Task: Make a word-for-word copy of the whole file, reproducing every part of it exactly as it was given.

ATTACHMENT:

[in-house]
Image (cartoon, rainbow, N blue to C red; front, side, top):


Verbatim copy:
[in-house]
Image (cartoon, rainbow, N blue to C red; front, side, top):